But when we talk about livestock operations, we’re usually not talking about Tauer’s idyllic farm with less than 20 cows.

Instead, the Soybean Alliance report refers primarily to Confined Feeding Operations, or CFOs – these are farms with a large number of animals in one place. Indiana has close to 2,000 CFOs.

Operations with a higher number of animals are called Concentrated Animal Feeding Operations, or CAFOs.

Both are regulated by the Indiana Department of Environmental Management, which enforces regulations about what farms do with all that manure, how close they can be to water sources, public roads and more.

But for some Hoosiers who live next to a CFO or CAFO, it’s not enough regulation.

“Oh my gosh. It hit with a vengeance,” says Nancy Banta, referring to the smell produced by a nearby CAFO.

Banta lives near a CAFO in Bartholomew County in a small town called Hope. Earlier this year, Banta and other homeowners successfully lobbied the county to charge them less in property taxes because the value of their homes is decreased by the CAFO.

“My quality of life, I had to rethink everything about it,” she says. “I can no longer have my grandchildren over here to play because of that.”

As for an economic boost? Banta says the CAFOs aren’t bringing jobs to an economically depressed area – instead, they’re taking advantage of a vulnerable community.

“It truly is all about economics, it truly is there is no money here. We are the poorest township in Bartholomew County. That essentially … is why they’re here,” Banta says. “Because they’re not going to be able to push back in any way, they don’t have the means to push back, they don’t have the representation in any kind of county government that’s going to look out for them. They’re an easy target.”

Changing Public Perception

Chris Hurt says Hoosiers tend to look at large livestock operations with uncertainty and suspicion.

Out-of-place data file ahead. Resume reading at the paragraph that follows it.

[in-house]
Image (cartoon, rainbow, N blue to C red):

“The uncertainty we work on with education, with visitation, with showing people that these are good environmental stewards. And then the suspicion tends to fade away and we say, ‘this is an acceptable means of operation,’” Hurt says. “Nothing is all good or all bad. Look at the good, look at the bad but recognize that there are positives out of these operations and that we need to learn more about them.”

Tauer echoes that sentiment but adds it’s difficult to give people a first-hand look because letting people see the big operations in person risks exposing the animals to disease.

But, Tauer says, the farmers running CFOs or CAFOs are mostly Hoosiers who’ve farmed here for generations.

“I think at the end of the day, what’s really important for us at the Indiana Soybean Alliance is just that folks understand that these farm families that are expanding into animal agriculture, they’re invested right there in the community along with the neighbors,” Tauer says. “So they’re not going to do something that’s going to be detrimental to them that would also be detrimental to the community.”

Tauer hopes the Indiana Soybean Alliance report will help put people at ease about livestock farming.

State lawmakers are considering regulations for CAFOs in a summer study committee. A bill to streamline the permitting process for CAFOs died in the Senate this year.